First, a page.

I landed in Earls Court on Sunday being heralded as an inspiring preacher with prophetic insight and wisdom. It would have been dangerous if people believed it but something much more destructive happened… I believed it! In the cold light of day, of course I know that I am none of those things and the man who said these things was just being kind but how easily the seductive voice of temptation digs deep within my soul. My ears stayed too long upon this melody and it’s paralysed me at times during my first days of my visit.
Subsequently my prayers have been for humility in my approach to discipleship; again and again I have been reminded that approaching our walk with Christ must start with humility. The words of the first Beatitude (see ‘Theatre Church (part VI a and b‘ post) is still bouncing around my head.
Blessed are the poor in spirit, for theirs is the Kingdom of heaven. (Mt 5:2)
Interestingly, however, in my more sober moments, I have felt a real sense of the same prayer being for the community I have entered. A brief history of the congregation (as I have heard it) may be useful:
Prior to the arrival of their current vicar, Adrian Beavis, the congregation was made up of a large cohort of Koreans and an equally large community of Russians with a small part of ‘other’ nationalities. The Koreans had brought with them a rhythm of prayer that was typical for their culture, twelve prayer meetings a week; every morning before work, every evening and the weekends! Fervent prayer, underpinning their whole lives… who wouldn’t want this of their community? What it meant, however, was there was little time for outreach and mission and so, on the arrival of Adrian (an evangelist by nature), the balancing act of mission and prayer began. As I have begun to scratch the surface of this community I have felt the tension between whether they want to be a Benedictine styled community or a Franciscan. A Benedictine community will pray for those around them in silent, contemplative, ritualistic prayer. A Franciscan community will go out and serve those around them prayerfully. These are large generalisation but I hope they are helpful in seeing the difference.
I was immediately aware of the place of prayer in this community and finding myself reflecting on it. Prayer meetings have gone down from twelve to five; three mornings, a weekday evening and Sunday. When I asked why this decision was made I was quite rightly informed that, there comes a time when prayer needs to move into action and the sheer amount of prayer meetings was taking the energy away to do mission. What was being built up, previously, was a group of people who loved being together and praying but they did it so much no one new was being welcomed in or even found. The model of church being built now has been described as one that prays first then turns to mission, like two feet; one-step then the second then the first then the second. They felt now was the time to use the large and passionate prayers of the last generation to step out into mission.
I would agree that prayer should not be a hindrance to mission and outreach. Jesus called his followers to ‘Come’ and to ‘Go’ something that I have been wrestling with in a talk for 12th September… more on that later. This community, obviously, has not cut all prayer in favour of mission, they merely cut back in order to refocus some of the resources into outreach but what has been left?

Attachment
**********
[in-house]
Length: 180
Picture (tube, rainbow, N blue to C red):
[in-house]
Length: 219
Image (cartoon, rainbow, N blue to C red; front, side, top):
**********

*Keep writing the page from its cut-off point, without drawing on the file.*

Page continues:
From my first impressions of this community the gatherings have lost some vitality from what was being painted by older members of the congregations. There seems to be a feeling of laying down the passion and drive to pray in favour of mission. I don’t think the ‘refocusing’ was meant to have this effect but I think it may have done so. How has this happened?
I suspect (and I want to stress that word!) that in the communication of the movement towards prayer and mission that some may not have heard the ‘and’ that they felt the prayer life was no longer needed or wanted. They may have heard “This prayer has served its purpose let’s go out to mission.” I don’t think this is what the leaders in the church said because I know that’s not what they believe but, from what I’ve witnessed, there’s a subtle communication happening and it returns us to ‘humility’.
In the times of worship and prayer that I have been a part of I felt a desire to communally recognise that even to pray and praise we need God. God draws from us praise and the Spirit leads us in intercession (Rom 8:26) and we desperately need God to do mission. The prayers are focussed on God’s blessing on what we will do rather than on having an attitude of humility. We do not do mission, we engage with God doing mission. We come, therefore, before the Lord in humility, acknowledging our weakness and incapacity to achieve anything without Him. We work with Him but we are the secondary party.
As I prepare my offerings towards the church’s mission to Earls Court I am returning again and again to the knowledge that it is those who know their weaknesses and failings that will enter the kingdom of heaven. I have little to give but, by Him, all things are possible.
And I pray again;
Take what I offer, paltry as it is and make it last. Take these loaves and fishes that would just stretch to a snack and make it a feast for thousands. I want to join in your creative action for You are making a Kingdom that will last.